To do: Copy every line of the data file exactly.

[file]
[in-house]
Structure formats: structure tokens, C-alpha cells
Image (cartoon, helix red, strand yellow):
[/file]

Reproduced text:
[in-house]
Structure formats: structure tokens, C-alpha cells
Image (cartoon, helix red, strand yellow):